How can I create logs of every DNS query that my computer makes along with the responses it gets?

7 Answers 7


You can have tcpdump log all port 53 UDP and TCP activity.

  • 10
    Any details on how?
    – e-sushi
    Commented Feb 5, 2016 at 17:57
  • This is the best answer as we can't be sure the OP (or other readers) have access to the DNS server - only their local machine. To answer @e-sushi's question take a tcpdump using the utility (check out the man page or a good primer with examples). Your best bet is to dump to a file and then pull that data into wireshark for review & analysis. Commented Apr 5, 2017 at 16:04
  • 1
    github.com/gamelinux/passivedns seems to be doing just that, see ./doc/How-it-works.txt
    – mxmlnkn
    Commented Jan 12, 2018 at 21:10
  • 15
    tcpdump udp port 53
    – Brannon
    Commented Mar 13, 2018 at 4:48
  • 3
    It may not select the outbound network interface by default, so you need a bit more: tcpdump --list-interfaces, tcpdump udp port 53 --interface (pickone). Also consider verbosity: -vv Commented May 17, 2019 at 20:08

To show and save to file all the A DNS requests, run this:

script -q -c "sudo tcpdump -l port 53 2>/dev/null | grep --line-buffered ' A? ' | cut -d' ' -f8" | tee dns.log

Example output:


UPDATE (2023): output format of tcpdump changed; domain name is in field #9, not #8.

Fixed one-liner:

script -q -c "sudo tcpdump -l port 53 2>/dev/null | grep --line-buffered ' A? ' | cut -d' ' -f9" | tee dns.log
  • 1
    This command worked for me, but I don't understand why script is needed. Could you explain?
    – Dagang
    Commented Jul 16, 2021 at 17:39
  • Will print responses with implicit request info on a single line: sudo tcpdump -vvli eth0 port 53 | grep --line-buffered " q: A? " | cut -d' ' -f16-
    – Matteljay
    Commented Aug 27, 2021 at 12:52
  • This just prints out a bunch of lines that say A?
    – Herohtar
    Commented Jan 18, 2023 at 15:29
  • 2
    @Herohtar the output format of tcpdump has been changed. Now domain name is in field #9, not #8. Try script -q -c "sudo tcpdump -l port 53 2>/dev/null | grep --line-buffered ' A? ' | cut -d' ' -f9" | tee dns.log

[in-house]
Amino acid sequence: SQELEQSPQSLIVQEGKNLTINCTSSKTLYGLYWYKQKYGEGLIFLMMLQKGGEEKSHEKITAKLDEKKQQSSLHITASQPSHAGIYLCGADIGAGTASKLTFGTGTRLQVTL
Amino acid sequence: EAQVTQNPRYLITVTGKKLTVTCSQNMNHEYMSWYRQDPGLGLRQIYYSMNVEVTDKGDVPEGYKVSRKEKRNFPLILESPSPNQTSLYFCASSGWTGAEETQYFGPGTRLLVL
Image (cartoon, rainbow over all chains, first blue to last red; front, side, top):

– Vanni
    Commented Jan 19, 2023 at 0:18

The easiest way is to install Bind locally. Most distros default install of Bind will be non-autoritative caching-only.

Simply add a logging {} config block (as described in the Bind 9 Configuration Reference) then set your system to use or ::1 as the DNS resolver.

  • 2
    Given how large bind is and its lackluster security record, I think many people would hesitate to install something like that for the sole purpose of logging.
    – jw013
    Commented Jul 23, 2012 at 1:16
  • doesn't bind have the issue that the nameservers in /etc/resolv.conf are not used but nameservers must be listed explicitly in the bind config?
    – Bananguin
    Commented Jul 23, 2012 at 7:12
  • No. /etc/resolv.conf is the system resolver list. Bind's default configuration is to look up the authoritative name servers and ask them. You could forward all requests to a specific server (or set, such as your ISP, OpenDNS or Google Public DNS) but it's not required to do so in the config. I do this all the time. I can't even count the number of times I've set up caching only name servers.
    – bahamat
    Commented Jul 23, 2012 at 15:19

dnsmasq is far easier to configure as a DNS aggregator/caching daemon than BIND, and for that purpose, the performance might just be better. If you turn logging up to "debug", all the questions and answers show up in whatever syslog has configured for debug messages.

Dnsmasq also makes it easy to get rid of abusive advertisers and dirtbag privacy invading "analytic" creeps by aliasing entire domains to


One easy way to filter the DNS , for the requests you are interested in is to grep the next row too grep -A 2 where -A is after and 2 rows after . If the server has a lot of DNS requests increase from 2 to 4-5

tcpdump -l port 53 |grep -A 2  redis

the second line will be the answer from DNS -> IP, CNAME ,none , other


If I recall correctly Snort can selectively monitor traffic based on user defined rules. However, Snort will not create logs for DNS requests when your computer, i.e. its resolver, can answer the question from its cache.


Please try PassiveDNS - A tool to collect DNS records passively to aid Incident handling, Network Security Monitoring (NSM) and general digital forensics.

To make it simple to use, I created a docker image called vimagick/passivedns

version: "3.8"
    image: vimagick/passivedns
    command: >
      -d "||"
      -i eth0
      -l /var/log/passivedns/passivedns.log
      -L /var/log/passivedns/passivedns-nx.log
      -p /var/run/passivedns.pid
      -P 86400
      -S 256
      -X 46CDNOPRSTMnx
      - ./data:/var/log/passivedns
    network_mode: host
    privileged: true
    restart: unless-stopped

Up and running:

# assume your iface name is eth0
$ ifconfig eth0

$ mkdir passivedns
$ cd passivedns

# paste yaml content here
$ vim docker-compose.yml

$ docker compose up -d

$ tail -f data/passivedns.log

Example output:

#timestamp||dns-client ||dns-server||RR class||Query||Query Type||Answer||TTL||Count

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